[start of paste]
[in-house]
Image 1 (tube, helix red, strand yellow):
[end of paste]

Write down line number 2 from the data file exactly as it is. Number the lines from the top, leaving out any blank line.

Image 1 (tube, helix red, strand yellow):